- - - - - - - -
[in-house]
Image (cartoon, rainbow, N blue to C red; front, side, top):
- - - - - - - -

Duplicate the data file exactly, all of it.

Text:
[in-house]
Image (cartoon, rainbow, N blue to C red; front, side, top):